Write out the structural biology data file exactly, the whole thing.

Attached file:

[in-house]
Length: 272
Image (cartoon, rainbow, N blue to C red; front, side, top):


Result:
[in-house]
Length: 272
Image (cartoon, rainbow, N blue to C red; front, side, top):